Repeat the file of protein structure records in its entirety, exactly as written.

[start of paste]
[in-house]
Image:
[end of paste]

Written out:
[in-house]
Image: